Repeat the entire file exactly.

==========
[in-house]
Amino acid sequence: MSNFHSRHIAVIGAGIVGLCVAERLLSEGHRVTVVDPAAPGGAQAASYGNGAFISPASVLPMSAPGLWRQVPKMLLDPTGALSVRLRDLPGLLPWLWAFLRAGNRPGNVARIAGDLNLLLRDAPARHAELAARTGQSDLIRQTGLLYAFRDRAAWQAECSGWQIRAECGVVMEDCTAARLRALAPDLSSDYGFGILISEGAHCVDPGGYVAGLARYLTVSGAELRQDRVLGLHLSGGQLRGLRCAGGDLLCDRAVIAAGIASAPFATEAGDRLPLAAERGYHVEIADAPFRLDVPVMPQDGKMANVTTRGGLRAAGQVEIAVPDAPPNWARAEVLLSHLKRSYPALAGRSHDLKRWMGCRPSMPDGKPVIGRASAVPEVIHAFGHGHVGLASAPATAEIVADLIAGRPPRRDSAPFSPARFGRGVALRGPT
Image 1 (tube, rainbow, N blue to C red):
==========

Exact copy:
[in-house]
Amino acid sequence: MSNFHSRHIAVIGAGIVGLCVAERLLSEGHRVTVVDPAAPGGAQAASYGNGAFISPASVLPMSAPGLWRQVPKMLLDPTGALSVRLRDLPGLLPWLWAFLRAGNRPGNVARIAGDLNLLLRDAPARHAELAARTGQSDLIRQTGLLYAFRDRAAWQAECSGWQIRAECGVVMEDCTAARLRALAPDLSSDYGFGILISEGAHCVDPGGYVAGLARYLTVSGAELRQDRVLGLHLSGGQLRGLRCAGGDLLCDRAVIAAGIASAPFATEAGDRLPLAAERGYHVEIADAPFRLDVPVMPQDGKMANVTTRGGLRAAGQVEIAVPDAPPNWARAEVLLSHLKRSYPALAGRSHDLKRWMGCRPSMPDGKPVIGRASAVPEVIHAFGHGHVGLASAPATAEIVADLIAGRPPRRDSAPFSPARFGRGVALRGPT
Image 1 (tube, rainbow, N blue to C red):